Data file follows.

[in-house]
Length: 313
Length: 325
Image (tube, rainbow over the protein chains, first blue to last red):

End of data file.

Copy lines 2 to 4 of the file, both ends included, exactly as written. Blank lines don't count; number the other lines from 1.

Length: 313
Length: 325
Image (tube, rainbow over the protein chains, first blue to last red):